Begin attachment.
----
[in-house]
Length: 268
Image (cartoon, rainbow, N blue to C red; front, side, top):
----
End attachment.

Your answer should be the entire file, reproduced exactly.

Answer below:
[in-house]
Length: 268
Image (cartoon, rainbow, N blue to C red; front, side, top):